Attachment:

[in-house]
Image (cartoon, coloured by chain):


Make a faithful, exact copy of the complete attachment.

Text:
[in-house]
Image (cartoon, coloured by chain):